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Parshas Netzavim-Vayeilech

Vested Interest

Rabbi Pinchas Avruch

Our parsha opens with the renewal of the covenant of our forefathers Avraham, Yitzchak and Ya'akov with the generation of the wilderness and all of their future generations. Moshe exhorted them once again not to embrace the corrupting philosophies and life-styles of the nations residing in the Land of Canaan, "Perhaps there is among you a man or woman, or a family or tribe, whose heart turns away from being with Hashem our G-d to go and serve the gods of those nations." (Devarim/Deuteronomy 29:17) He continued, foretelling the desolation that would come upon the Land when the Jews would be exiled for their misdeeds.

Rashi preempts the question, "How could the masses be punished for the conspiracy of a few rebels?" with the closing verse, "The hidden [sins] are for Hashem our G-d, but the revealed [sins] are for us and our children forever, to carry out all the words of this Torah." (29:28) Rashi explains that they would not be held accountable for the innermost thoughts - the hidden sins - of their neighbors, but the open acts of evil create a public responsibility to uproot and destroy the negative influences in the community. Failure to take the requisite action creates a communal culpability. This chapter is momentous in its establishment of the concept of "kol Yisrael araivim zeh lazeh", the interresponsibility of every Jew to another to bolster their mitzvah observance and assist in avoiding their violation.

The Chofetz Chaim (Rabbi Yisrael Meir HaKohen Kagan of Radin; 1838-1933; author of basic works in Jewish law, philosophy and ethics and renowned for his saintly qualities) explains that this concept is most commonly utilized to explain why one can perform a mitzvah (Divine commandment) on a friend's behalf - such as reciting kiddush (prayer sanctifying the Sabbath or holiday) or blowing shofar - even if he himself has already fulfilled that mitzvah. But if there are gaps in our friend's observance, mitzvos he could be doing that he is not or acts he should not be doing that he is, and our reminder or encouragement or instruction would make a difference but we fail to act, then we are held responsible for those lost mitzvah opportunities!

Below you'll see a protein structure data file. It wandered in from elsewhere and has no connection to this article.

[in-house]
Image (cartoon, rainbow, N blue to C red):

Rabbi Kagan offers a parable to which we can all relate. Someone has some investment capital and he offers it to a friend who is starting a new business venture. In keeping tabs on how the new venture is progressing, the investor discovers his friend is dealing with an irreputable company and stands to lose the new business before it even gets started. The "silent partner" will surely no longer remain silent, as he expends great effort to salvage his investment and make the business successful. We, too, must feel that sense of investment in our friend's spiritual success.

The Chofetz Chaim encourages us to look for actions and exercises that will safeguard us and our communities from misdeeds. But, more so, we must actively invest - our time, our money and our selves - in our Jewish educational institutions and synagogues, for through them our mitzvah observance and spiritual experience are enhanced and strengthened.

Have a good Shabbos!


Copyright © 2002 by Rabbi Pinchas Avruch and Project Genesis, Inc.

Kol HaKollel is a publication of the Milwaukee Kollel ­ Center for Jewish Studies 5007 West Keefe Avenue; Milwaukee, Wisconsin; 414-447-7999


 






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